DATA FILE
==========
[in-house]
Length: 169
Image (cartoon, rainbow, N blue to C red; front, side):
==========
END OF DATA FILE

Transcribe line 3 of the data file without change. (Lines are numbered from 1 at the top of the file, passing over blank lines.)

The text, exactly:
Image (cartoon, rainbow, N blue to C red; front, side):